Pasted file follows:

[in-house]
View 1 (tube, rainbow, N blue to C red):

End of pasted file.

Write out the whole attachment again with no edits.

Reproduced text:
[in-house]
View 1 (tube, rainbow, N blue to C red):